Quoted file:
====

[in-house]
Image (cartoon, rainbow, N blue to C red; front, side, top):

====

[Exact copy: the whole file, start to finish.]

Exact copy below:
[in-house]
Image (cartoon, rainbow, N blue to C red; front, side, top):